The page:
This is the third post in a series – start here.
Definition of Strategy (as a skill or activity):
Strategy is the dynamic process of making big-picture plans (strategies) with the intention of increasing the chances or speed at which you’ll achieve your major goals.
Strategy is commonly defined as a “big picture” activity: “a general plan to achieve one or more long-term goals under conditions of uncertainty.” It’s the “art of a general” (Greek: strategos) as opposed to a soldier of lower rank.
This definition works well, as long as we understand that long-term or higher-level goals are always relative. To continue with military examples, the objective of defeating an enemy army appears as to be a top-level strategic goal – until it’s seen in the context of (say), winning a world war, or securing a lasting peace settlement. Most of our goals are layers in an onion: subordinate to larger ends, and dependent on smaller sub-goals in turn.
Here’s an example of a set of layered objectives (see my series on Nested Problems) from a non-profit organisation (I’ve given each level a number to avoid having to think of a label for each one):
Level 1: Work for Human Flourishing
Level 2: Help the movement towards a well-educated population
Level 3: Focus on improving literacy (in a particular county?)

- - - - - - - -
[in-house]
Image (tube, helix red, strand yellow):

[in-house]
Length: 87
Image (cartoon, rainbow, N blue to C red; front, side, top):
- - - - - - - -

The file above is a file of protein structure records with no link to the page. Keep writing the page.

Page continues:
Level 4: Train and resource early-years teachers of literacy
Level 5: Find partners; recruit board; write strategic plan; build management structure
Level 6: Develop literacy resources and training package; assemble a training team; secure funding
Level 7: Write internal training materials, develop financial structure and PR materials
Level 8: Recruit finance manger; hone communication skills
Level 9: Write petty cash policy; establish cleaning rota
Level 10: Plan weekly team meeting; work on new blog post
It’s all relative
These examples aren’t meant to be a tightly woven plan – the point is that with the possible exception of the highest goal (“human flourishing”) and the lowest, whether or not these goals are “big-picture” depends on where you’re standing.
It’s commonly stated that values and organisational vision and values should drive strategy – and they should – but we need to recognise that these top-level objectives are actually strategic decisions in themselves: they set direction and priorities and rule out certain possibilities in the name of achieving an even higher-level goal.
Often – especially as members of large organisations – our scope of decision-making is usually constrained and often defined for us, but we usually have influence on a “big picture” a level or two upwards that can help us achieve our immediate goals more easily. Even an apparently low-level (‘tactical’) goal of “keep the office clean” benefits from strategic goals like “research the most effective tools and techniques for cleaning,” and “find ways of encouraging staff to be tidier.”
Where we lack authority for higher-level strategy, there’s always the possibility of stepping sidewise outside the organisation in order to generate new possibilities or control over higher order goals. An example of this might be finding a new job, or undertaking further study, or influencing others through writing or networking. (This kind of guerilla-warfare outside the frame of strategy is can bring outsized rewards and is worthy of attention).
Strategic activity is always relative. The best way to do strategy is to work out the highest level over which we have influence and to make our plans from there. Where our scope for influence over strategy is limited we can look for a strategy that finds its way around obstacles to achieve greater levels of influence.